In a recent Wall Street Journal article, it was reported that victims of Ransomware paid out roughly $24 million in 2015. And, unfortunately for the public, the FBI predicts this number will continue to grow in 2016.
In fact, we’ve already seen some rather anxiety-inducing Ransomware attacks this year – like the one in Los Angeles last February. In this particular incident, hackers hit a Hollywood hospital with Ransomware and demanded $3 million from the hospital. Eventually, that figure was reduced to $17,000 – which the president of the hospital quickly agreed to pay.
So what is Ransomware? Well, the simplest explanation would be that it’s a form of malware that has the ability to lock your entire computer or individual files. Once this malware locks your data or device, the hackers will demand payment.
This demand can come in multiple forms. It can be a simple message that states clearly what is occurring – your computer has been infected with Ransomware and you must pay to retrieve your data. It can also be an elaborate story created by the hackers – you’re being investigated by the FBI (or another threatening government agency) because you illegally downloaded files on your computer (or something of that nature) and if you pay the fine, you will not face jail time (funeral arrangements and pending court hearings have also been reported).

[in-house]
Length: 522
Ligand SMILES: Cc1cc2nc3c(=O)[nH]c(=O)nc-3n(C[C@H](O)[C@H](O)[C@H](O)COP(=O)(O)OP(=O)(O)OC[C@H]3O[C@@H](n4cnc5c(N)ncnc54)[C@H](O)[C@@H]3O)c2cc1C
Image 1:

Whatever the case is, these hackers will usually request a semi-reasonable fine to unlock your business. The bigger your business, the bigger your fine. However, it’s incredibly important to note that businesses aren’t the only targets. Recently, individuals have come into contact with Ransomware on their phones. In these incidents, the victims are asked to pay a fine between $10 and $100 to unlock their phone.
Hackers have found Ransomware to be unusually effective and profitable because of these “reasonable” fines. But that doesn’t mean they won’t ask for a large fine, as we saw in the Hollywood hospital scenario.
So you might be wondering how someone becomes infected with malware, and to be quite honest, it isn’t much different than any other form of malware. If you open a malicious attachment or click on a misleading link or advertisement, you can easily be shut down by Ransomware.
If this does happen to you, it’s extremely important that you have all your data backed up to avoid paying the fine (don’t make it easy for the hackers even if it easy to pay $10). As a business, you should try to have your data backed up offsite, and as an individual, you can rely on a solution like DropBox or Google Drive. Whatever it is you decide to do, just make sure you aren’t left to contemplate the price of your data.